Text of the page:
Contemporary listening habits have developed over the course of the twentieth century in the face of the possibilities and limitations of the technical mediation of sound. Today, digitalization is dissolving the original conditions of this radiophonic constellation. This shift is opening up new perspectives on the technology of hearing: What are the paths taken by algorithms in radiophonic space? How do our listening habits connect with the devices through which we receive and transmit sounds? Which new areas of knowledge are introduced and which are neglected in these shifts with regard to transmission technologies? What do machines hear?
Media scientist Wolfgang Ernst opens the Radiophonic Funkkolleg with a plea for the algorithmic ear. Art historian Flora Lysen examines the beginnings of broadcasting on the fringes of radio and brain research. In her performance, the composer Beatriz Ferreyra plays with the habits of the radiophonic ear by dissolving the dividing lines between body and studio apparatus. The musician Stefan Maier hands over his compositions to an algorithm and thus approaches the hearing practices of the machines.
Wolfgang Ernst: Voice Memory and the Algorithmic Ear
The era of classical broadcasting is drawing to a close. Digitalization allows for new transmission technologies and irritates the phonocentric trust in the presence of the radio voice. This melancholic moment holds a chance: Radio, the ephemeral broadcast par excellence, only becomes truly audible as an object of media archaeology at the time of its disappearance as a mass medium. Radiophonic memory is also that of its apparatuses—from “His Master’s Voice” (gramophone) to the interference heard in live tape recordings of Maria Callas’ arias. Today, algorithms permit new perspectives on the radiophonic archive: a plea for the computer-based, media-archaeological ear.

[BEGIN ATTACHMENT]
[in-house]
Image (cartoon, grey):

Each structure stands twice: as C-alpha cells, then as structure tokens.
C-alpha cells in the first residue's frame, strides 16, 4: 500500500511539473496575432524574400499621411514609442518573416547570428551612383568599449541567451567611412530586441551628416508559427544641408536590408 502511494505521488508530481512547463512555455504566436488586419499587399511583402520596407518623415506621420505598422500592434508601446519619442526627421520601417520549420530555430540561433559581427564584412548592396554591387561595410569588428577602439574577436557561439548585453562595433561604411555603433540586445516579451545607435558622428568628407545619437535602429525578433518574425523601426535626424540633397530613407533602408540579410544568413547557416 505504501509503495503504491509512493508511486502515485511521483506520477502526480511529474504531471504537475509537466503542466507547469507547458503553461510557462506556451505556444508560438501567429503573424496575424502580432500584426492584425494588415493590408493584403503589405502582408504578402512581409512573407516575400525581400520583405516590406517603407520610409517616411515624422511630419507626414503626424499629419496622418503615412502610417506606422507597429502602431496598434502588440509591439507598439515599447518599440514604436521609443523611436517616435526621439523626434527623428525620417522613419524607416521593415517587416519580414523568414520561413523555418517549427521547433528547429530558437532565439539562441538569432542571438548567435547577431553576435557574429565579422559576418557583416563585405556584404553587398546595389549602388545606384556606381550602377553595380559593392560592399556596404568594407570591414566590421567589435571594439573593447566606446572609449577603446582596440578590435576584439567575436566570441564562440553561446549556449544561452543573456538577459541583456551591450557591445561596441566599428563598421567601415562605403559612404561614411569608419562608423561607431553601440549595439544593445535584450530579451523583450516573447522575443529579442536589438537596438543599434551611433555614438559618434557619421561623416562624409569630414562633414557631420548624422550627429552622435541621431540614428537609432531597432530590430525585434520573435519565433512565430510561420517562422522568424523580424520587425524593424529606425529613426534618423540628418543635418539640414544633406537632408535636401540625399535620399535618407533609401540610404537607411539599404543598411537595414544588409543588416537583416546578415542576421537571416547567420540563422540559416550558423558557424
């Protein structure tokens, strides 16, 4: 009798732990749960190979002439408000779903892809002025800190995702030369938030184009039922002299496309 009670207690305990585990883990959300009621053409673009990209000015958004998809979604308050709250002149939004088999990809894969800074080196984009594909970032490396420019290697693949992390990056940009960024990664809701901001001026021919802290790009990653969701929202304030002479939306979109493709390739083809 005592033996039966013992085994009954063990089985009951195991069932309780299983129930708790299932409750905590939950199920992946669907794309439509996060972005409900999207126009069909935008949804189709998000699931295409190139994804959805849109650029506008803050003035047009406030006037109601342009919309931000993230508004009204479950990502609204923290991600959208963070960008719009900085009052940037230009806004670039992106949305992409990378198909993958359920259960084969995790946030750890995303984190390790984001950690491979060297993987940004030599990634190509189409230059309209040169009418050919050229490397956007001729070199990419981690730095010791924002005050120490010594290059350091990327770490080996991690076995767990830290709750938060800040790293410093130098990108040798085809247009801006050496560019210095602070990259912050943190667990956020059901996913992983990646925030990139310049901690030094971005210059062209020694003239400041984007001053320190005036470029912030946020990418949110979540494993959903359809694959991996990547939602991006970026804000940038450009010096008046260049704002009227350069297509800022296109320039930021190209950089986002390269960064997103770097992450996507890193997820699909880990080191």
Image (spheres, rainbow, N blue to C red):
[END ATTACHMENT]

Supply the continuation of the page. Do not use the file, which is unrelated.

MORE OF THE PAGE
Flora Lysen: Brainwave Broadcasting and the “Radio Sense”
In 1925, an Oregon newspaper reported on a “Human Brain heard by Radio.” In the early to mid-twentieth century, amalgamations of “brain-radio” and “radio-brains” emerged through a spectral imaginary: the conception of an atmospheric spectrum of transmission that blurred boundaries and dissolved distances between machines, bodies, and brains. Yet, imagined possibilities of “etherealization” were also shaped and constrained by actual material radio-technologies used to examine nerves. Flora Lysen analyzes historical examples of intercrossings between nerve research and radio research, showing how a spectral imaginary connecting radios and brains emerged in hybrid spaces for performing science: neurophysiologists speaking about electrical bodies in radio shows, nervous recordings being transmitted as “brainwave recordings,” and science reporters speculating on the cerebral basis for “human receptivity.”
Beatriz Ferreyra: Not looking at Sound
Acousmatic sound refers to a sound whose origin cannot be seen. The notion goes back to Pythagoras who taught his students from behind a curtain to let his voice be heard undisturbed by vision. Beatriz Ferreyra explores the possibilities of acousmatic music and its relationship to radiophonics, drawing on her collaboration with Pierre Schaeffer.
Stefan Maier: The Arranger
Machine listening demonstrates how artiﬁcial intelligences not only “hear” sound by way of linear signal processing but also actively “listen” based on abstract statistical modelling. The dawn of such artiﬁcial listeners implies that the capacity of listening might not exclusively belong to the human after all, and that the “machinic listening” native to these tools might differ considerably from our own. However, the potential forms of difference that these machine-listeners might offer seems out of reach for the human ear. Stefan Maier’s contribution centers on arrangements of a precomposed work that are generated by machine-listeners. Each arranger, uniquely trained to rearrange Maier’s composition unpredictably, gives a glimpse into the inner-workings of an artifactual listening relationship. The various arrangements of Maier’s composition are transmitted via a radio-translation system in tandem with the original work, thereby creating a dialogue wherein each listener can explore the interplay between composerly intention and machine intelligence.
Part of Der Ohrenmensch